Streaks, believed to be flowing water, on Mars
A false-color image of streaks, believed to be flowing water, on Mars at Hale Crater.
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A new study led by scientists at the Georgia Institute of Technology and funded in part by the National Science Foundation (NSF) Graduate Research Fellowship program (grant DGE 11-48903) provides the strongest evidence yet that there is intermittent flowing liquid water on present-day Mars.
Researchers used instruments onboard NASA's Mars Reconnaissance Orbiter to measure spectral signatures of hydrated minerals on slopes where mysterious, possibly water-related streaks are found on the red planet. The streaks, known as recurring slope lineae, form and snake down the planet's steep slopes during warm seasons, when temperatures exceed -10 degrees Fahrenheit (-23 degrees Celsius), and disappear at colder times during the Martian year.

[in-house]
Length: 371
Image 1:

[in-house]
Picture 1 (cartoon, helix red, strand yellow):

To learn more, see the NSF News From the Field story Mineralogical evidence confirms liquid water on Mars. (Date image taken: 2015; date originally posted to NSF Multimedia Gallery: Nov. 24, 2015)
Credit: NASA/JPL/University of Arizona
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